I’m a big believer in encouraging immigrants to learn English and to speak it consistently at home with their children. This is holding them back probably more than anything else. I’m not sure what the numbers are but in many areas Spanish wouldn’t be the choice of second language. Some schools would choose Korean, Chinese, or Vietnamese. The country isn’t as small as Belgium is so having more than one official language would be a mess here.
We also have such a problem with lack of funding in our public schools that I’d rather see the money spent elsewhere. Meaning I’d rather have language taught as a class, not bi-lingual math classes where you hope your native English speaking child gets the math homework assignment correctly. Did you have the option to enroll your kids in a language class or was this the only way they could learn Spanish?
Posted by: Donna on October 9, 2005 2:09 PM
I didn’t mean to imply we shouldn’t encourage people to learn English. The point I was making was that free enterprise was fueling bilingualism. This is a bit ironic, given the Conservatives’ reliance on and almost religious fervor for Capitalism.
In answer to your question, yes, enrollment in our dual language program is voluntary. And we monitor our daughters’ understanding of the material whether it’s presented in English or Spanish. For us, learning math trumps learning it in Spanish. However, that being said, children are amazingly skillful at conceptualizing in multiple languages.
Posted by: Jeff on October 9, 2005 2:39 PM
Well, considering that most of the poor people inside the Mickey Mouse suits are Latins, it’s fair that signage is bilingual.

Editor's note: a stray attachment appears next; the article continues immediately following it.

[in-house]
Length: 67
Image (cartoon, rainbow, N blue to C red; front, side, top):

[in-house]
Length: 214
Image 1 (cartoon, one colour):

Posted by: sosa on October 10, 2005 10:29 AM
I am a Spanish-speaking Central American who has been lucky enough to visit the U.S. several times recently. Perhaps because of my English background, my philosophy in regards to living in a foreign country with a foreign language comes closer to the “When in Rome…” philosophy, and for that reason I can’t help but sympathize, if even a little, with those Americans who fear the menace of their country becoming a giant Latino melting pot.
One thing I greatly resent from my Latino peers is that, instead of trying to learn a little on the history and culture of the country that is feeding them and open themselves to communication with American natives, they just refuse to do so, isolating themselves on their Latin ghettos in a “my way or the highway” fashion, thereby self-segregating themselves without even being aware of it in most cases. After all, the only reason most Latinos get through all the trouble of making it to the States is because they need to escape from the politic and economic hell that their countries are, and to make a buck or two to send home while at it.
I’m all for multicultural diversity and all that, but I feel that if we tried to understand Americans a little further and tried to connect more with their language, culture and values (not assume, but at least understand and respect), the melting pot concept would not be so frowned upon by many Americans, I believe.
Posted by: beto on October 10, 2005 12:47 PM
My own position has always been, if I were residing in another country where one language predominated, I would learn that language.
Washington Cube Was Here. #369
Posted by: Washington Cube on October 16, 2005 10:58 PM
I worked in the public school system for over 15 years. I have to agree with Beto’s comment. The parents of the children in most cases not only refuse to learn the language of the land but insist that their children translate for them. The children are taught to respect their parents and do what they can to assist. In doing so the parents do not learn and the children usually remain in the family fold.
Posted by: Pamela on October 25, 2005 5:23 PM
Comments are now closed for this post. But there are a few other entries which might provoke an opinion or two.